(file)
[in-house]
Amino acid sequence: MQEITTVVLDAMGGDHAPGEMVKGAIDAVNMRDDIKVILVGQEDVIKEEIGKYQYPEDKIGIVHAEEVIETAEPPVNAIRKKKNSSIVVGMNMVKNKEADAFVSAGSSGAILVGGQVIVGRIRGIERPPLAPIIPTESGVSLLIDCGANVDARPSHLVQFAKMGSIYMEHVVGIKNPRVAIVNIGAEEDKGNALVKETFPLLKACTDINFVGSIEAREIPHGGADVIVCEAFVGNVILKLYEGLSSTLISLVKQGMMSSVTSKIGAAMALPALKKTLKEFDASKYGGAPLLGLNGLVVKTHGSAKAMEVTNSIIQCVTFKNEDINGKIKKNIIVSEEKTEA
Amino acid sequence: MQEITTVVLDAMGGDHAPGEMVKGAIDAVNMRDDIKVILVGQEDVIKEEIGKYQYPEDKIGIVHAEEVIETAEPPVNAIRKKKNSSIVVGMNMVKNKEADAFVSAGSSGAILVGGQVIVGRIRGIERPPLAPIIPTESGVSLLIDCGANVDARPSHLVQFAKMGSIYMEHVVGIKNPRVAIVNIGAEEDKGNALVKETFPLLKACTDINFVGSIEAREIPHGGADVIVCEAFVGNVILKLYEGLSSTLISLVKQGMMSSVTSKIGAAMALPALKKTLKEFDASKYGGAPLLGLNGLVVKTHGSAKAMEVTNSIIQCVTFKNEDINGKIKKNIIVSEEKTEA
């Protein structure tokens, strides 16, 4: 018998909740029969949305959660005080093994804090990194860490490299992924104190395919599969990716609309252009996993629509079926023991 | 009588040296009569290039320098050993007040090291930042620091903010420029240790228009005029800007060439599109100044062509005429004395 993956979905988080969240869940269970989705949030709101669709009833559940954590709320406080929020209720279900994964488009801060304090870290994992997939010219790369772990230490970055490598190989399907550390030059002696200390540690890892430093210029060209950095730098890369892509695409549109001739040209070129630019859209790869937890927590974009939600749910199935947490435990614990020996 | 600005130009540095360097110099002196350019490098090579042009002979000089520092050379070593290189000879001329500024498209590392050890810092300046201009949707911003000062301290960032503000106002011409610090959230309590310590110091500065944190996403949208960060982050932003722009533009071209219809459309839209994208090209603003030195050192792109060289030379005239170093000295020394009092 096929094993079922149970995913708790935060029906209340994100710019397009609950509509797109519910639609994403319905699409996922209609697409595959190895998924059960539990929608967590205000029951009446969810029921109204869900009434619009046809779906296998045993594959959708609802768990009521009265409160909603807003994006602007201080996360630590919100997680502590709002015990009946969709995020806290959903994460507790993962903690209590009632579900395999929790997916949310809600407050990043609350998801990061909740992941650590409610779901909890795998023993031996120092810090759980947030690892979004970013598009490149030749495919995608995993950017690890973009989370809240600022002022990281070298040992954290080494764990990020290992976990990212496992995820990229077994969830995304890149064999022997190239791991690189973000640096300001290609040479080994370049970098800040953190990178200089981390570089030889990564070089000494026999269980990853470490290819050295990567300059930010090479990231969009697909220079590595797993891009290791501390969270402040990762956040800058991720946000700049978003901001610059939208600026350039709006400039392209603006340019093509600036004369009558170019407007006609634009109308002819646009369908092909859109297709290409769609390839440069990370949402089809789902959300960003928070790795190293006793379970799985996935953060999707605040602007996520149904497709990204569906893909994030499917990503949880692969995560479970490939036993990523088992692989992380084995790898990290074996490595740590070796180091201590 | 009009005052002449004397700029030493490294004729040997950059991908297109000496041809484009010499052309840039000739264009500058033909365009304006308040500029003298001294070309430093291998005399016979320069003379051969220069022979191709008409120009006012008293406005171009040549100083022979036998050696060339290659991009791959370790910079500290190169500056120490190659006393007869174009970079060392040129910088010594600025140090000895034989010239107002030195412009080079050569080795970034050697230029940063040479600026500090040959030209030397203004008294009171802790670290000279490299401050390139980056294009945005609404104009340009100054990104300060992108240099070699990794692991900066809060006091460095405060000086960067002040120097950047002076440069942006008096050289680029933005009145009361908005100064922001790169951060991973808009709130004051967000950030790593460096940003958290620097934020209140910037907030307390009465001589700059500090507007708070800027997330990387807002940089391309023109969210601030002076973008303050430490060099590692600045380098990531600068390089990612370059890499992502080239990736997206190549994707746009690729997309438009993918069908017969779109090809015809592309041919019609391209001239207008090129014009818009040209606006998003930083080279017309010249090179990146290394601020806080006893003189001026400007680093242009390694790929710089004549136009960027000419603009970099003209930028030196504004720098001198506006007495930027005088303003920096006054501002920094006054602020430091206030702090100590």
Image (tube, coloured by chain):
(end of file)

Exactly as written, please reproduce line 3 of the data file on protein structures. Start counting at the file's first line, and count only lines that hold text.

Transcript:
Amino acid sequence: MQEITTVVLDAMGGDHAPGEMVKGAIDAVNMRDDIKVILVGQEDVIKEEIGKYQYPEDKIGIVHAEEVIETAEPPVNAIRKKKNSSIVVGMNMVKNKEADAFVSAGSSGAILVGGQVIVGRIRGIERPPLAPIIPTESGVSLLIDCGANVDARPSHLVQFAKMGSIYMEHVVGIKNPRVAIVNIGAEEDKGNALVKETFPLLKACTDINFVGSIEAREIPHGGADVIVCEAFVGNVILKLYEGLSSTLISLVKQGMMSSVTSKIGAAMALPALKKTLKEFDASKYGGAPLLGLNGLVVKTHGSAKAMEVTNSIIQCVTFKNEDINGKIKKNIIVSEEKTEA